Phys Ed Teachers Get Their Dancing Shoes On

Students+in+Ms.+Dietrich%27s+gym+class+try+Bollywood+Dancing.

Nistha Bade Shrestha

Students in Ms. Dietrich’s gym class try Bollywood Dancing.

In popular T.V. shows, Physical Education (PE) classes are shown as fiery pits of horror and humiliation where the bigger and stronger kids use their size, arrogance, and dodgeballs as weapons against their other puny classmates. At Bronx Science however, this fiery pit of horror and humiliation label is not accurate.

Physical Education teachers, Marion Dietrich and Christopher Dahlem have recently embraced the fun side of exercising by implementing the units BollyX Dancing (Bollywood-inspired dance-fitness routine) and Square Dancing (a style of partner dancing) to the curriculum, respectively.

Both teachers enjoy teaching the origins of different dance forms. Ms. Dietrich and Mr. Dahlem both see it as a way for students to immerse themselves not just physically, but emotionally, into the dances themselves.

“Before we start dancing BollyX, we talk about the differences between the dance styles in regards to origin, background and focus, because I think it is not only interesting, but also important to know about the heritage,” said, Ms. Dietrich, who is teaching Bhangra, Western Folk and Bollywood steps in her BollyX Phys Ed unit.

Along with its origins, language, and expressions, music is a key component of BollyX dancing. Ms. Dietrich currently uses songs that are common among the BollyX community, which contribute to the various dance forms and steps. However, she also said that she is open to suggestions from students.

“Square dancing is listening to commands and performing them. Anyone can square dance; it is just a matter of learning the appropriate dance moves that correspond to what the ‘caller’ is saying,” said Mr. Dahlem, who hopes to start the unit in the spring.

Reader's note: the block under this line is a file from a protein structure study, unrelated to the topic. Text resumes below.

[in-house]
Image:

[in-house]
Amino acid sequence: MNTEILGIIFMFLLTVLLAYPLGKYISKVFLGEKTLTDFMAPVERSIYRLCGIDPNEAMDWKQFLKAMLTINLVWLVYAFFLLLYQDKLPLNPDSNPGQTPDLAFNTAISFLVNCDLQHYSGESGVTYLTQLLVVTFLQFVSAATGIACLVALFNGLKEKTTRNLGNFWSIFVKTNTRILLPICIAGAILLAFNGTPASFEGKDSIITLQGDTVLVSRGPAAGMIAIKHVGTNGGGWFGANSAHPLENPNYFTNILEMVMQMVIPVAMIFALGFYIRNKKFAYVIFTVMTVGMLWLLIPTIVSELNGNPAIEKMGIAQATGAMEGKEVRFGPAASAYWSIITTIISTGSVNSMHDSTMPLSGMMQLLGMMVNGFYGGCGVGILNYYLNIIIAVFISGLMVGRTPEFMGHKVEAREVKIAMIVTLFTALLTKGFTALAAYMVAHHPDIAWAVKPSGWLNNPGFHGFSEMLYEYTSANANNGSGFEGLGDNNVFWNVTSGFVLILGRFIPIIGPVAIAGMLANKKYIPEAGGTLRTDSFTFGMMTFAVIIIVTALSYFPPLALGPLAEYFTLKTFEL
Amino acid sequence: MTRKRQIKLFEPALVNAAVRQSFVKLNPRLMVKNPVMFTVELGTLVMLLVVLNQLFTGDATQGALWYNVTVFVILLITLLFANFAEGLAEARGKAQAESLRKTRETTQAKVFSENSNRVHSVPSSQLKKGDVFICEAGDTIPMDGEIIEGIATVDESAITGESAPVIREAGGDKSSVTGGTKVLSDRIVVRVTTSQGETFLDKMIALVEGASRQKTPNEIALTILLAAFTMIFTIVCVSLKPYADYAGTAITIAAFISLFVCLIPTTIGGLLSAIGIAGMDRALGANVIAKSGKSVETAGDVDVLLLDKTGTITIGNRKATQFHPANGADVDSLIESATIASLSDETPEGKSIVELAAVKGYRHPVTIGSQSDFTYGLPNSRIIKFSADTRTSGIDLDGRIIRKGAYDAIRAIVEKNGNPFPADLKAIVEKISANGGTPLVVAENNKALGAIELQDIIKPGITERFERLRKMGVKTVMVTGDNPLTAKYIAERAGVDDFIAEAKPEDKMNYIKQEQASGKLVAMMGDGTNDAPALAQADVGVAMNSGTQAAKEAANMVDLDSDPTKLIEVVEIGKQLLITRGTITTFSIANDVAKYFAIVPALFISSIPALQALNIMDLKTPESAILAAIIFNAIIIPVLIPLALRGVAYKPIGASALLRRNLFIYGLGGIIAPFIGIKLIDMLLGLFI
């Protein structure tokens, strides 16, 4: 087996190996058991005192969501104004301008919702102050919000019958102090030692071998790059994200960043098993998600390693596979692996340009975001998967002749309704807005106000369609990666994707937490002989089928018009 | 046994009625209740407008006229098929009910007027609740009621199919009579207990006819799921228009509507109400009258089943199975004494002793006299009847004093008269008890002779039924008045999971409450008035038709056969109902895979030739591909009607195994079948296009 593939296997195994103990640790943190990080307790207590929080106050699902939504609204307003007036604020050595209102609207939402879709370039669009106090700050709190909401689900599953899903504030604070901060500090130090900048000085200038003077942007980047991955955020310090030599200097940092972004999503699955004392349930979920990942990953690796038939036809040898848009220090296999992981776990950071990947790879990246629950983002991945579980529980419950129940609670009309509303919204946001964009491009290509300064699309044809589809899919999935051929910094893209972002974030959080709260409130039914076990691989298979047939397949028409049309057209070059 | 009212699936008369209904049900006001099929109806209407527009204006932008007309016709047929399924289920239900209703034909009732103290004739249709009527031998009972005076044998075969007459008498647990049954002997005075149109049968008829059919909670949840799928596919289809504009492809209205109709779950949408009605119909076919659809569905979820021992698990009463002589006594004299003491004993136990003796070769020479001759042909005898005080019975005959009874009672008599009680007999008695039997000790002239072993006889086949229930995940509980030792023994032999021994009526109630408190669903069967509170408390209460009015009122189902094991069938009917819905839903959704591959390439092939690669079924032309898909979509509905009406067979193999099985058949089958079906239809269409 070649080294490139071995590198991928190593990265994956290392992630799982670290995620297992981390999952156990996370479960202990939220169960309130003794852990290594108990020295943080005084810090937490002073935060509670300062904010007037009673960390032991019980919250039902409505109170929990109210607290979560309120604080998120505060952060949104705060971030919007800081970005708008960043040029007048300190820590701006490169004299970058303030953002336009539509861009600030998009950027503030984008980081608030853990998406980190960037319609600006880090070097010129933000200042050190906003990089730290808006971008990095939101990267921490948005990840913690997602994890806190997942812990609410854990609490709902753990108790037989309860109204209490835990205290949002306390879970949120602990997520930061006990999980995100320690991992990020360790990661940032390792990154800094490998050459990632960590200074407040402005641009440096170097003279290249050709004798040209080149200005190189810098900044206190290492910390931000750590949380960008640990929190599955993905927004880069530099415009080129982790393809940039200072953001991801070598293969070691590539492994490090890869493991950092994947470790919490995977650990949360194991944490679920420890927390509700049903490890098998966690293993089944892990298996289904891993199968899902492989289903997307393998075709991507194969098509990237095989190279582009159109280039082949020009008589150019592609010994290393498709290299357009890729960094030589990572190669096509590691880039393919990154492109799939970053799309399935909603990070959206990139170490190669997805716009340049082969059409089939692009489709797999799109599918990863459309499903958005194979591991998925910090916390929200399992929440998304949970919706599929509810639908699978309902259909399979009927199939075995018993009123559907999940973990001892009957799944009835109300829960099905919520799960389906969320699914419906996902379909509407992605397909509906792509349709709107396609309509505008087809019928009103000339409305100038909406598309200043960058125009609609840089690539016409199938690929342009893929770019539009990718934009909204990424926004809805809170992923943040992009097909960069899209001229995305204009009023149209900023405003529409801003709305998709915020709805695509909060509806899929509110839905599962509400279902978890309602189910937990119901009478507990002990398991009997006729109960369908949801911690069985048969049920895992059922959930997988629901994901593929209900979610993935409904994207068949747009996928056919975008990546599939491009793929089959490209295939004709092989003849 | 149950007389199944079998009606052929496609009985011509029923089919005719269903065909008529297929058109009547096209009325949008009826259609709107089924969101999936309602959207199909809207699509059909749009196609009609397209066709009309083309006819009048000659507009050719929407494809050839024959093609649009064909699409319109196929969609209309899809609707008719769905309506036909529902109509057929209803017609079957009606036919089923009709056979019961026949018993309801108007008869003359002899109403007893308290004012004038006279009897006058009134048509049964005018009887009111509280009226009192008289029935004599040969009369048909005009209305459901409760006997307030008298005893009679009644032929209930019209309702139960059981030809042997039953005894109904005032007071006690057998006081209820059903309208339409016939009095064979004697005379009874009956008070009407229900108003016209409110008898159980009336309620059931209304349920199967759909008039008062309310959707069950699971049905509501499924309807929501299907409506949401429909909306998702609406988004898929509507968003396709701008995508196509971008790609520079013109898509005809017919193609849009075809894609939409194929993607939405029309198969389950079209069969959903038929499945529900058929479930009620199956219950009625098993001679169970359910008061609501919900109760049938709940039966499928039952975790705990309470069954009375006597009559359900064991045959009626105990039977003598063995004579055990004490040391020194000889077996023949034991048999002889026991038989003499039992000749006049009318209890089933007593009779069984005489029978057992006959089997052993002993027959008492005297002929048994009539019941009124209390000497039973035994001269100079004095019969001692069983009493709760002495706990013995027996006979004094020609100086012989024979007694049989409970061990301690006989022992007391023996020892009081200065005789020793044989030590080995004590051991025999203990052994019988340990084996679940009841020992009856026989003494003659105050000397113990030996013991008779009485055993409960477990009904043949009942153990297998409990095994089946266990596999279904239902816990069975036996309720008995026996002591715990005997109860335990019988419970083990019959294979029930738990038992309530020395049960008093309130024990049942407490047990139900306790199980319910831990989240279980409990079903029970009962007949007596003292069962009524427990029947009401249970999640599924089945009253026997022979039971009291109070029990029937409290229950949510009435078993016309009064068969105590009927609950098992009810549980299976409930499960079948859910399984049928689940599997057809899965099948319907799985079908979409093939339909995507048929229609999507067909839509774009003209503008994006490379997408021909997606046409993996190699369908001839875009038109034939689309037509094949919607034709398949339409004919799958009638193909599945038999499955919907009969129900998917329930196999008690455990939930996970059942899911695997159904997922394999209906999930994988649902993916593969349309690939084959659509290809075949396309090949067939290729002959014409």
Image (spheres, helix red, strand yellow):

Despite its popularity in the real world and within the halls of Bronx Science, not everyone is fond of dancing. Ms. Dietrich has made BollyX a more flexible unit by allowing students to lead and assist in the choreography. “I really liked how I was able to choreograph a small dance using very simple moves that looked really good together, as well as freely express myself with the moves and that you could add your own flair to it,” said Geevanesam Devakanmalai ’17, who took advantage of both dancing and choreographing throughout the unit.

For those questioning BollyX’s place in Physical Education, Ms. Dietrich notes that, “Dancing gets the heart pumping and the blood flowing. It is a fun way of working on cardiovascular endurance, and not everybody enjoys playing basketball.”

“This unit is not much different other than the fact that it’s not exactly a sport. If you actually dance, you would know that it is just as physically active as any other sport. Mentally, however, you need to have a rhythm and move to the beat instead of robotically moving off the music,” said Devakanmalai. Ms. Dietrich hopes that students will learn to step outside of their comfort zone by participating in this unit.

“BollyX is an enjoyable dance movement, and it gives everyone the freedom to truly express themselves,” said Dietrich.

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